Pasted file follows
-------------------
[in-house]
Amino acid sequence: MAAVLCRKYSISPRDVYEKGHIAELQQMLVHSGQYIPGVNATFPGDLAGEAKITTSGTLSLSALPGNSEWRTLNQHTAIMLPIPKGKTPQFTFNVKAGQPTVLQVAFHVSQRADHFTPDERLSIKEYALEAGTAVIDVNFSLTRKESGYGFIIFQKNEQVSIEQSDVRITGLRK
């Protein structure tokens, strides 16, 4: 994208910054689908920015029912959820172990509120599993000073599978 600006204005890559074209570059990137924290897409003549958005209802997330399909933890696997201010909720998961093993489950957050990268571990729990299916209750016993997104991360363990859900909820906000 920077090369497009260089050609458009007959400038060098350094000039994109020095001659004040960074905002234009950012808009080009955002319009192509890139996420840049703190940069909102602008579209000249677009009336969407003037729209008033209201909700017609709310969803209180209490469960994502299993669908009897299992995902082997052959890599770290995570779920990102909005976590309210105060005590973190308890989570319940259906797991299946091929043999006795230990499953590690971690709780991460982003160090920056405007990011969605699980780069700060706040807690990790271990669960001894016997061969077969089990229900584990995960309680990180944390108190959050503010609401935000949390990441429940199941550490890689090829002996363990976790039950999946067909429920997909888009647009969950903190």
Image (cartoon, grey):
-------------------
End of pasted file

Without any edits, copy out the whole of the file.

[in-house]
Amino acid sequence: MAAVLCRKYSISPRDVYEKGHIAELQQMLVHSGQYIPGVNATFPGDLAGEAKITTSGTLSLSALPGNSEWRTLNQHTAIMLPIPKGKTPQFTFNVKAGQPTVLQVAFHVSQRADHFTPDERLSIKEYALEAGTAVIDVNFSLTRKESGYGFIIFQKNEQVSIEQSDVRITGLRK
């Protein structure tokens, strides 16, 4: 994208910054689908920015029912959820172990509120599993000073599978 600006204005890559074209570059990137924290897409003549958005209802997330399909933890696997201010909720998961093993489950957050990268571990729990299916209750016993997104991360363990859900909820906000 920077090369497009260089050609458009007959400038060098350094000039994109020095001659004040960074905002234009950012808009080009955002319009192509890139996420840049703190940069909102602008579209000249677009009336969407003037729209008033209201909700017609709310969803209180209490469960994502299993669908009897299992995902082997052959890599770290995570779920990102909005976590309210105060005590973190308890989570319940259906797991299946091929043999006795230990499953590690971690709780991460982003160090920056405007990011969605699980780069700060706040807690990790271990669960001894016997061969077969089990229900584990995960309680990180944390108190959050503010609401935000949390990441429940199941550490890689090829002996363990976790039950999946067909429920997909888009647009969950903190």
Image (cartoon, grey):